The United Nations' Human Rights Council has replaced the chairwoman of a team investigating allegations of killings and rape by Myanmar's security forces, it said yesterday, amid concerns over her perceived bias.
Indian Supreme Court advocate Indira Jaising was initially named to chair the fact-finding mission, which has a focus on the western state of Rakhine that is home to the stateless Rohingya Muslim minority.
Council president Joaquín Alexander Maza Martelli had decided to replace Jaising with Marzuki Darusman, a former attorney-general of Indonesia who has previously conducted rights investigations on North Korea, the council said in a statement from its headquarters in Geneva.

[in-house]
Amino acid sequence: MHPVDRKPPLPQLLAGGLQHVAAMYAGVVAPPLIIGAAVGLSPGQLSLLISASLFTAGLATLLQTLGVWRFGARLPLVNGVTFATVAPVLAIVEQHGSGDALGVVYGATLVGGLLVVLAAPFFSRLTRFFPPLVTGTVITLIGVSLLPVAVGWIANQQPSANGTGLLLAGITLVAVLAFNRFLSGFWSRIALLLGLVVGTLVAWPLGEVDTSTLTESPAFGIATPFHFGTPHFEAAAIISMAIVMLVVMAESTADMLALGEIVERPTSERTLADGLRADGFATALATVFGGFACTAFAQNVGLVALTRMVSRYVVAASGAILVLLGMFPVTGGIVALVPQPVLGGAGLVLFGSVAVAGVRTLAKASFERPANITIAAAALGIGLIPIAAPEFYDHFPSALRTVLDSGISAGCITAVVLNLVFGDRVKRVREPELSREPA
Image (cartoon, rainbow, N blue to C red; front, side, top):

Jaising was appointed to lead the panel in May, after a resolution passed by the Human Rights Council in March calling for a team to be sent to look into the abuse claims.
The panel's two other members, Harvard-trained Sri Lankan lawyer Radhika Coomaraswamy and Australian consultant Christopher Dominic Sidoti, remain in place.
Myanmar has said it will refuse visas to the commissioners, arguing the mission would aggravate tension in Rakhine.
"As in all such cases, the mission will make it a priority to reach out to and engage constructively with the government and other relevant interlocutors," the council said.
"The Human Rights Council reiterates its hope that the government of Myanmar will grant the mission unfettered access to affected areas."